Most of us cooks use olive oil every day in some capacity. But have you ever asked yourself, what are the benefits of extra virgin olive? Most extra virgin olive oil is loaded with health benefits. Simply put, it’s packed with antioxidants and anti-inflammatories. It’s low in cholesterol and has the reputation as a healthy fat.
What does “extra virgin” mean anyway?
EVOO should be flawless. Standards are set by the International Olive Council in Europe to ensure the highest grade of oil is labeled “extra virgin” and it must meet their strict standards of smell, taste, low levels of acidity and low levels of ultraviolet-light absorption.
Did you know… there are over 700 kinds of olives in the world which are used to produce thousands of different kinds of olive oils? And, like wine, different olive oils should be paired with what food you plan to prepare.
In Search of…
Seeking out the best olive oil is like finding a perfect wine. For everyday cooking with foods that have distinctive flavors, choose an olive oil that is described as full-bodied, early harvest or robust and choose a milder oil for fish and chicken. This would be labled “mild” or “late harvest”. And like wine and the grape…olive oils change every year, simply because they are made from freshly harvested olives….like the grape.
What does age have to do with it?
We all know that most wines get better with age…olive oil is just the opposite. It doesn’t…it’s perishable. Extra virgin olive oil will deteriorate within months of being produced.
The next time you’re shopping and find yourself staring at the shelves of different olive oils, read each label and look for a few things; when it was harvested, from what country it was harvested and what country produced it. And look at the color. The best EVOO will have been harvested and produced in just one or two countries.
…purchase big jugs of olive oil with thoughts that you’re saving money. Yea…you’re saving a few bucks but you’re not getting what you think you’re paying for. Some outfits actually add canola oil with their standard olive oil to cut corners and boost revenue. Don’t believe me? Pour a little in a glass, smell and taste it….more about this later.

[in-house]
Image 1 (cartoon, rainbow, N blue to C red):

Purchase a few small bottles of different flavors to use with different foods to see what you prefer. There are olive oil specialty stores that allow tastings of any of the wide variety olive oils they carry. You’ll be introduced to garlic infused oils, fruity ones to drizzle on salad greens, citrus oils to be paired with fish… just to name a few. Take advantage of tastings and educate yourself, finding a favorite or three. Be sure to take advantage of the knowledgeable sales staff that love their craft and love talking about it.
Let’s take a closer look.
There are naysayers out there on the web who claim olive oil is not a healthy fat when looking at study results done with monkeys. One study fed monounsaturated fat-rich diets high in cholesterol to a test group of monkeys over a 5 year period. The monkeys developed “extensive atherosclerotic placques in their coronary arteries”.
Other studies reveal only marginal health benefits of consuming olive oil. But what standard olive oil were they fed?
Food for thought
Is EVOO better for you than butter? Yes, it is but here are some stats that may surprise you…sure surprised me! Olive oil is the most caloric dense food out there. As a comparison, refined sugar has 1,725 calories per pound. Olive oil has over 4,000 calories per pound…which equates to 120 calories in one tablespoon. Butter has 102. For me, even if the naysayers are correct, I’m content with the “marginal benefit” of EVOO. I’m careful to just drizzle a bit and not drown my food. Besides…it’s much more flavorful than butter.
Eat your fruits, vegetables, omega-3 rich fish and enjoy a little extra virgin olive oil in moderation. It’s all good.
Avoid oils that don’t name the exact country of harvest, or where it’s produced on the label. In my opinion, the best EVOO comes from one country, is darker green in color and when you taste test it, you’ll notice a pepperiness in the back of your throat. Always purchase extra virgin olive oil. Buy it in dark bottles and store in a cool, dark place protecting it from light to prevent it from becoming rancid. And most important…purchase just what you’ll consume within 60 days. Think about it though, this offers you the opportunity to try different oils….and there are SO many…so enjoy!